Kansas prosecutors filed state murder charges against the white supremacist accused in a shooting spree that left three people dead at two Jewish community sites over the weekend.
Johnson County District Attorney announced Tuesday the charges against Frazier Glenn Cross, also known as Frazier Glenn Miller. He's charged for the deaths of a 14-year-old boy, Reat Underwood; the boy's grandfather, William Corporon; and a woman, Terri LaManno. The capital murder count is for the deaths of Corporon and Reat, said Johnson County district attorney Steve Howe. The premeditated murder count is for the death of LaManno.
Cross, 73, lives in the Aurora area and his racist activities have long drawn the attention of hate-group monitors.
"He was always a little bit different," said Brent Kasinger, who knew Frazier Cross as Frazier Miller. "He was always real nice and polite. He was not shy, that's one thing. He was not a shy person at all. He spoke his opinion, which you know, you could respect that at least. You may not like his opinion, but at least you knew it. You knew exactly where he stood with him."
Marionville's new mayor, elected Tuesday, calls Miller a friend.
"He was always nice and friendly and respectful of elder people. He respected his elders greatly, a long as they were the same color as him," said Mayor Daniel Clevenger. "Very fair and honest and never had a bit of problems out of him."
In addition to being mayor, Clevenger, also owns a repair shop. He knew Miller by many names.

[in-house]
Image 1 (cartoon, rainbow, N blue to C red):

"When I first met him, he called himself Frazier Mais. I think that was spelled Mais, if I remember right," he said. "Then all of a sudden he started calling himself Frazier Miller."
Despite the name change, Clevenger said Miller's biased beliefs stayed strong.
"Kind of agreed with him on some things, but I don't like to express that too much," said Clevenger.
That hasn't always been the case. Nearly a decade ago, Clevenger wrote a letter to the editor of the Aurora Advertiser.
"I am a friend of Frazier Miller helping to spread his warnings," wrote Clevenger. "The Jew-run medical industry has succeeded in destroying the United State's workforce."
The letter continued.
"Made a few Jews rich by killin' us off."
He also spoke of the "Jew-run government backed banking industry turned the U.S into the world's largest debtor nation."
Years later, Clevenger's views haven't seemed to change.
"There some things that are going on in this country that are destroying us. We've got a false economy and it's, some of those corporations are run by Jews because the names are there," he said. "The fact that the Federal Reserve prints up phony money and freely hands it out, I think that's completely wrong. The people that run the Federal Reserve, they're Jewish."
After prosecutors charged Miller, known as Cross, with murder, Clevenger said his opinion of his friend has changed.
"It was shocking that he would do something like that, but knowing him and how much was built up inside of him, I can understand why he would be the one to do that," said Clevenger. "He didn't expect to live very long. So after he done this, I kind of speculated that he might be wanting to go out proving his point big time on that. I imagine when he goes to trial, he will be able to really state his views on things, and I think he's just wanting to go out with a bang."
Although Clevenger puts blame on some minorities, he said he stands firmly against violence. He also said he doesn't hate anyone.
"I think it's terrible what Frazier did," said Clevenger. "He didn't have any right to do that and I think he should pay with his life."